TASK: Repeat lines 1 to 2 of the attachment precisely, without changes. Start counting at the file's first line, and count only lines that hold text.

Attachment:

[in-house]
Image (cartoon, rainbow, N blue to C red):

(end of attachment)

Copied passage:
[in-house]
Image (cartoon, rainbow, N blue to C red):